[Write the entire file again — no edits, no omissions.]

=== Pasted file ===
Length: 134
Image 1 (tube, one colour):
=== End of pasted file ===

Length: 134
Image 1 (tube, one colour):